April 29, 2013

Are we supposed to barefoot run? (A tongue in cheek look at evolution)

This old chestnut keeps popping up, again and again and again. I've also written about minimalism and barefooting before.

[caption id="" align="alignright" width="280"]English: barefoot running English: barefoot running (Photo credit: Wikipedia)[/caption]



It generally starts as a discussion about barefoot running, usually by a newly converted barefooter who reckons it's the best thing since bread became sliced and very quickly degenerates into a willy measuring exercise between pedants who insist on discussing the relative density and hardness of concrete and dusty, pre-civilisation, pre-societal concrete.


Here's a recent example: Your expensive running shoes could be destroying your knees, ankles and hips.


Now I don't know about you but as far as I understand evolution and progress are usually determined by the axiom 'survival of the fittest'.


So, based on current trends and my anthropological time machine I have a theory.


Way back when, if we are to believe what we are told, we were fruit and vegetable eaters, eating all round us and then moving on to new pastures in search of new food sources like  grazing animals. The current trend of Paleo diet would indicate that this how we developed as a species; eating fruit, nuts, vegetables and seeds in their raw state (in so far as possible).


Then, through a pioneering trendsetter someone picked up a wooden stick and developed a taste for animal protein. (Could you call it a 'club sandwich' ? )


This influx of animal protein led to development of better brain function as we evolved, leading to the development of tools for cooking , cleaning etc. Oh, and fire was created or at least the means to maintain it and the knowledge to transport fire from one location to another, allowing us to cook food.


Now as these early men (& women) clubbed and collected food all around them the faster animals and possibly tastier always eluded their reach. No matter how sneaky we were we couldn't catch these sources of meat. They'd smell us or hear us in the woods and grass trying to creep up until they were in range. All to no avail.


What did we do next?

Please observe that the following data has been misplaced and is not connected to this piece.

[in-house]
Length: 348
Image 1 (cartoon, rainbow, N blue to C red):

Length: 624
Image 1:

We started running.


(This has taken generations to get to this point in the story, time machine, remember?!)


We soon discovered that we could run. Now we couldn't run as fast as the animal we wanted to eat and after a while we realised this. With our brain developing we started thinking and working together as a team with the result being that we got cute and realised we could run longer and further and steadier than the dinner. We didn't know it at the time but our bodies liked this idea and started to develop mechanisms that encouraged us to run. We got taller, straighter and lighter; we became land running hunters.


All of the reading we do, all of the fora we engage in everything is geared to us understanding that this is the reason we are born to run. We evolved.


I don't disagree.




I think the first hominoid man who fashioned a pair of foot covers from some animal hide to protect his feet from the dusty, gritty, thorny surface and that offered him some grip on the rocky terrain gained an evolutionary advantage over the barefoot guys.


Apart from the obvious fact that we still cover our feet, providing unassailable evidence of the historical benefit of footwear, that 'barefooting' died out and needed to be rediscovered comes down to the simple truth that the guy with the footwear had the competitive edge over the other guy in the chase to get the good looking girls.


Survival of the fittest! ;)



New Health Study: Barefoot Running by Maria Dorfner | MEDCRUNCH said...

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